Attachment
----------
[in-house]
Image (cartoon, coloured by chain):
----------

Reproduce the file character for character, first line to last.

[in-house]
Image (cartoon, coloured by chain):